The Volunteer dance
"There are three dances. The first one lasts about a year and you let the Guyanese lead you and tell you where to go. The second dance is at the one year mark and now you know the music better, you can start to share what you're passionate about. And the last dance is at about the year and half mark, six months before end of service, when you both start dancing together." - Rachel Rose, returned Peace Corps Volunteer
My first three months in Guyana were spent completing a community diagnostic report of my workplace, a long-term care facility for children and adults with disabilities. I spent most of that time (and still do) listening, observing and asking lots of questions. It was crucial to learn how the facility operates in order to make relevant suggestions, reprogramming my own ideas and factoring in things like bus schedules or what times the village water is turned off when looking at staff and patient schedules. I needed to observe and research Guyana's attitudes and laws about persons with disabilities, looking into any other existing services, schools or homes for the disabled.
I learned to itemize my to-do list so it's less overwhelming for me and those around me, and realized it's better to accomplish a few small goals than make big plans I can't finish.
Bust A Move:
Last year was mostly about building relationships with staff and residents as a foundation for future change.
I bonded a lot with six residents who greet me when I arrive and ask what we are doing together. We've been through toothaches and falls, floods and birthdays, tiffs and making up, holidays and everyday smiles, as well as tears and heartfelt conversations.
My facility is the only home in Guyana where people with disabilities can come to live permanently.
The “Eat Up Project” was a successful team effort that took about four months to complete. All nurses and cooks were trained on swallowing disorders, beds were rearranged to incline, patients had swallowing assessments done by a Peace Corps Response Volunteer and in the end, seven residents who refused or choked on food before can now enjoy and finish their meals.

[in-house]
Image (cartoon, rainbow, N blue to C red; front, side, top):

Everything takes a lot more time and planning in Guyana than in the States. The resources we need are in town an hour away and may have to be approved or bought by the Ministry of Health. If there's a blackout, we can't use the computer; if we are short-staffed, training is postponed; and if someone is on leave, it can be impossible to proceed without them. A typical day may include activities with residents like reading books, arts and crafts, computer games or walking with them to the shop for a snack. I may research grant writing, brainstorm ideas with staff, assist with bathing and feeding, take residents swimming, print out exercises online for a new patient, design notices to hang, ask a local about building a padded seizure-safe bed or assist in the kitchen.
It's easy to feel unaccomplished when you see 100 things you could be working on. We learn that betterment isn't perfection – that the best option is the one most suitable and practical for the community. It's the one they believe in and can sustain that will have greater long-term benefits than any temporary fix. A successful day might mean you laughed with someone for the first time, increasing the odds they'll dance with you when you need a partner. Sometimes it's just open discussions with the people we meet – where we shed some light, plant an idea or act as a role model and hope someone follows. You hope to be a little spark in a never-ending chain reaction.
You have to take it slow, dig a little deeper and really remember the latter two Peace Corps goals about sharing American culture and vise versa. Two years is enough time to form bonds with your neighbors, be welcomed into a new family and break stereotypes by connecting on a human level. It's enough time to spread great ideas into the community, share a blog like this with both American and Guyanese and hope some students look back with a smile on the Volunteer who took time to play with or teach them to read.
There are many intricacies involved and we don't want to get ahead of ourselves in the event we need to change the routine altogether – it’s part of being flexible, going with the flow and making sure we're all on the same step.